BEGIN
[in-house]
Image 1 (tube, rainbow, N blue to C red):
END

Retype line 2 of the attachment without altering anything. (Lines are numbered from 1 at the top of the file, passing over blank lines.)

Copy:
Image 1 (tube, rainbow, N blue to C red):